If the plunge in oil prices late last year wasn’t enough of a humbling lesson for market pundits, the Swiss National Bank’s abandonment of the Euro peg certainly should be.
In less than 10 years we went from talking about peak oil scarcity to a world awash in oil. America’s role as a big import may shift to big exporter.
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New drilling technologies and fracking has changed the oil markets in a hurry.
The current macro trend for 2015 is the super dollar. Consider how it might affect the investment world and your portfolio.
The mighty greenback, the world’s reserve currency, is on a roll. A popular ETF, the PowerShares DB U.S. Dollar Bullish fund (UUP) has enjoyed double digit gains during the past 12 months.
Speculators, hedge funds, and investors are all lining up to buy the dollar, and almost all the major currencies have declined. It’s become the “easy” trade.
However, the Swiss National Bank gave us a nasty lesson about “easy trades” when it abandoned the Swiss Franc “target” versus the Euro.
Hundreds of millions of dollars were lost in minutes and several small currency dealers went out of business. This is an important reminder: no one ever really knows when the ground will shift underneath trading positions.
The US dollar’s role as the world reserve currency means globally-traded commodities like oil, agricultural products, and precious metals are all priced in dollars.
This means anyone who needs to heat or eat needs greenbacks.
Europe in funk
Economically the current rise of the dollar makes sense relative to the general state of the world. The emerging market economies are clearly in a funk and Europe can’t seem to get out of its own way.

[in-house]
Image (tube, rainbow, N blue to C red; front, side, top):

After five years of near zero interest rates, the US has created some real asset winners: the stock market, the bond market, even the modern art market has soared.
Currently America is the only country that has weathered the 2008 global economic meltdown, but will it last? The growth in total public debt from 2008 until now is up 65%.
How much of our “growth” here in the US is real and how much is smoke and mirrors.
Have we seen the actual growth from small to mid-sized businesses we should have, given the restrictive lending policies of regional banks? We don’t think so.
The Affordable Health Act with its new 30 hour “full time” jobs or its mandated health care for businesses with over 50 workers is not going to help things.
These are fundamental challenges, and the rising public borrowing has likely just forced spending earlier and “borrowed” from future sales. Margin debt, offered to people to buy stocks, is also at recent high. That’s not a good combination.
Is the US truly the engine of global economic growth or just a pretender? Could one unexpected economic shock be the tipping point for a major market meltdown, and with it the dollar?
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